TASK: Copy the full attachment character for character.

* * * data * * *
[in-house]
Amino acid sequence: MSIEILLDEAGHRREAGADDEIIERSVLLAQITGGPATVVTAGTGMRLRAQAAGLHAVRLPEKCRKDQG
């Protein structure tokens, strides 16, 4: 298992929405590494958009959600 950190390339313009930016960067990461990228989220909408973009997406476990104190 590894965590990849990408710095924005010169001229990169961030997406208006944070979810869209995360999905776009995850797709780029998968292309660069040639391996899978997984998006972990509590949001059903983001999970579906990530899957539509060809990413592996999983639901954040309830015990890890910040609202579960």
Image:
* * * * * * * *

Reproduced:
[in-house]
Amino acid sequence: MSIEILLDEAGHRREAGADDEIIERSVLLAQITGGPATVVTAGTGMRLRAQAAGLHAVRLPEKCRKDQG
């Protein structure tokens, strides 16, 4: 298992929405590494958009959600 950190390339313009930016960067990461990228989220909408973009997406476990104190 590894965590990849990408710095924005010169001229990169961030997406208006944070979810869209995360999905776009995850797709780029998968292309660069040639391996899978997984998006972990509590949001059903983001999970579906990530899957539509060809990413592996999983639901954040309830015990890890910040609202579960």
Image: